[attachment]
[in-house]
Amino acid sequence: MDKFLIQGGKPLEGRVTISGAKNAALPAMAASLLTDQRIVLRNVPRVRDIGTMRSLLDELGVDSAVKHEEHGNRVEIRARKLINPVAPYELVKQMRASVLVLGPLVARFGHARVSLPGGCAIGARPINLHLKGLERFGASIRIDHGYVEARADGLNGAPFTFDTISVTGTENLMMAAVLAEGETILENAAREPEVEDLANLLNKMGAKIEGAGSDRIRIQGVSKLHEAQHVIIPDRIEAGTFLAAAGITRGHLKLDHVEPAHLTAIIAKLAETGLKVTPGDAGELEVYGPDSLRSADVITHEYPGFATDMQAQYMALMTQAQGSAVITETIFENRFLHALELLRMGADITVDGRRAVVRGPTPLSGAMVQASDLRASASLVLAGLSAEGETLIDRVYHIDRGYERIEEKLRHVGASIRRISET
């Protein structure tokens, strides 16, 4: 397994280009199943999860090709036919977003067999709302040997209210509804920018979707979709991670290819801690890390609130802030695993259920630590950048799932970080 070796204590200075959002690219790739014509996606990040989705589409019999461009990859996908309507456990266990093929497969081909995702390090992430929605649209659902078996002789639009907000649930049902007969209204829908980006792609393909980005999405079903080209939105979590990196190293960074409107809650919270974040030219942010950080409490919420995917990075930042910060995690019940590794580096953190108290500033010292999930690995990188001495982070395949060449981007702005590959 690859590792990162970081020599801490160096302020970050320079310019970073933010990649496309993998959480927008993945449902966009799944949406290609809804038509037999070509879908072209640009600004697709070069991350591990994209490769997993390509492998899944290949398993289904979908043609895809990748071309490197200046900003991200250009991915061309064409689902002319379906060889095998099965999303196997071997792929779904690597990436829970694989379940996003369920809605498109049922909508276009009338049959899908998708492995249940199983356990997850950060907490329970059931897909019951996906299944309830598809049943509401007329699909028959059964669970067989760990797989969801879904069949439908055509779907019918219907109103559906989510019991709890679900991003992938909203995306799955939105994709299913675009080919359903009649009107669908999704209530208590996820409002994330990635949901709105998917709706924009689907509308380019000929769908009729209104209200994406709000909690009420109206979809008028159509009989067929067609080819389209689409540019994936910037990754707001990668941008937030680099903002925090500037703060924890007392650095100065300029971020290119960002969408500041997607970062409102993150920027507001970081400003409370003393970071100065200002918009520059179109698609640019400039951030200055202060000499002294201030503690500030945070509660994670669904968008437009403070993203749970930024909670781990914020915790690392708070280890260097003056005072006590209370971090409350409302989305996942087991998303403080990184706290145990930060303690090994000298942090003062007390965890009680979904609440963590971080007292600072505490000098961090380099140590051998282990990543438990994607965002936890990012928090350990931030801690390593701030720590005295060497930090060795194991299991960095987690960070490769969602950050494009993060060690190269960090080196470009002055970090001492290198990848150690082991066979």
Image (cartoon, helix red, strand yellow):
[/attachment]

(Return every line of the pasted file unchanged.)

[in-house]
Amino acid sequence: MDKFLIQGGKPLEGRVTISGAKNAALPAMAASLLTDQRIVLRNVPRVRDIGTMRSLLDELGVDSAVKHEEHGNRVEIRARKLINPVAPYELVKQMRASVLVLGPLVARFGHARVSLPGGCAIGARPINLHLKGLERFGASIRIDHGYVEARADGLNGAPFTFDTISVTGTENLMMAAVLAEGETILENAAREPEVEDLANLLNKMGAKIEGAGSDRIRIQGVSKLHEAQHVIIPDRIEAGTFLAAAGITRGHLKLDHVEPAHLTAIIAKLAETGLKVTPGDAGELEVYGPDSLRSADVITHEYPGFATDMQAQYMALMTQAQGSAVITETIFENRFLHALELLRMGADITVDGRRAVVRGPTPLSGAMVQASDLRASASLVLAGLSAEGETLIDRVYHIDRGYERIEEKLRHVGASIRRISET
């Protein structure tokens, strides 16, 4: 397994280009199943999860090709036919977003067999709302040997209210509804920018979707979709991670290819801690890390609130802030695993259920630590950048799932970080 070796204590200075959002690219790739014509996606990040989705589409019999461009990859996908309507456990266990093929497969081909995702390090992430929605649209659902078996002789639009907000649930049902007969209204829908980006792609393909980005999405079903080209939105979590990196190293960074409107809650919270974040030219942010950080409490919420995917990075930042910060995690019940590794580096953190108290500033010292999930690995990188001495982070395949060449981007702005590959 690859590792990162970081020599801490160096302020970050320079310019970073933010990649496309993998959480927008993945449902966009799944949406290609809804038509037999070509879908072209640009600004697709070069991350591990994209490769997993390509492998899944290949398993289904979908043609895809990748071309490197200046900003991200250009991915061309064409689902002319379906060889095998099965999303196997071997792929779904690597990436829970694989379940996003369920809605498109049922909508276009009338049959899908998708492995249940199983356990997850950060907490329970059931897909019951996906299944309830598809049943509401007329699909028959059964669970067989760990797989969801879904069949439908055509779907019918219907109103559906989510019991709890679900991003992938909203995306799955939105994709299913675009080919359903009649009107669908999704209530208590996820409002994330990635949901709105998917709706924009689907509308380019000929769908009729209104209200994406709000909690009420109206979809008028159509009989067929067609080819389209689409540019994936910037990754707001990668941008937030680099903002925090500037703060924890007392650095100065300029971020290119960002969408500041997607970062409102993150920027507001970081400003409370003393970071100065200002918009520059179109698609640019400039951030200055202060000499002294201030503690500030945070509660994670669904968008437009403070993203749970930024909670781990914020915790690392708070280890260097003056005072006590209370971090409350409302989305996942087991998303403080990184706290145990930060303690090994000298942090003062007390965890009680979904609440963590971080007292600072505490000098961090380099140590051998282990990543438990994607965002936890990012928090350990931030801690390593701030720590005295060497930090060795194991299991960095987690960070490769969602950050494009993060060690190269960090080196470009002055970090001492290198990848150690082991066979």
Image (cartoon, helix red, strand yellow):